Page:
Accounting, Auditing & Accountability Journal, vol. 31 no. 3
Type: Research Article
ISSN: 0951-3574

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Article
Publication date: 7 January 2014

John Dumay

The purpose of this paper is to review and critique the current status of intellectual capital (IC) research as published in the Journal of Intellectual Capital (JIC) as…

Abstract

Purpose

The purpose of this paper is to review and critique the current status of intellectual capital (IC) research as published in the Journal of Intellectual Capital (JIC) as it heads into its 15th year with a view to understanding the past and possible direction of future IC research.

Design/methodology/approach

Articles published in the JIC are reviewed building on prior IC research and analysis by Guthrie et al. (2012) and Dumay and Garanina (2013). To help understand the impact of articles in the JIC the analysis is supplemented by including citation data from google scholar, journal impact data from the SCImago Journal & Country Rank portal, and the 2013 Australian Business Dean's Council (ABDC) journal ranking list. Also included is commentary from the JIC's senior editors based on their responses to questions asked via e-mail relating to their involvement in, and the future of, the JIC.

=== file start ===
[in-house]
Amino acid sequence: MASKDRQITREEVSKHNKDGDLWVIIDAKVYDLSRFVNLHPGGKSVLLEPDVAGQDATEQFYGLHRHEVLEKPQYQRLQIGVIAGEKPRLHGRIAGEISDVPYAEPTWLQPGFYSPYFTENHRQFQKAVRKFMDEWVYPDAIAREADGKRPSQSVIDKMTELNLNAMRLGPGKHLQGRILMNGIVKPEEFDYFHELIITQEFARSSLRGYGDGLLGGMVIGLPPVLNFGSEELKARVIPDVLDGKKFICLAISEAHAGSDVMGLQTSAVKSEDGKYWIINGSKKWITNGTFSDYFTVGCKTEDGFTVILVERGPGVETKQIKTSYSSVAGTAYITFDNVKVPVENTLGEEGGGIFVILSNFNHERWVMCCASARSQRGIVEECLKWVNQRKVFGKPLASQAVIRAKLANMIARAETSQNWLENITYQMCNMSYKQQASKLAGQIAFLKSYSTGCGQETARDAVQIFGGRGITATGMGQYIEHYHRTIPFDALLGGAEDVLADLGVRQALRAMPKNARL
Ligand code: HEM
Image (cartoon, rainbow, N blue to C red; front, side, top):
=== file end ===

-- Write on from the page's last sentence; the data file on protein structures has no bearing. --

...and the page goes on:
Findings

The JIC faces a challenge as it is most recognised as an accounting journal despite its focus on managing IC. The research published in the JIC is multidisciplinary as it comes from a wide range of perspectives. However, there appears to be a paucity of research emanating from different perspectives, most notably from North American academics, and a lack of focus on the private and public sectors. However, new perspectives of IC, especially that associated with IC praxis and the third stage of IC research are emerging as transformational opportunities for future IC research, along with the opportunity to experiment with transdisciplinary research.

Originality/value